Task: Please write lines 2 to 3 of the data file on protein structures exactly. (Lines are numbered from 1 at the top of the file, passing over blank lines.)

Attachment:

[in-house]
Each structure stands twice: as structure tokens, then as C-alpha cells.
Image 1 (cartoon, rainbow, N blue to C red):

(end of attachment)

Each structure stands twice: as structure tokens, then as C-alpha cells.
Image 1 (cartoon, rainbow, N blue to C red):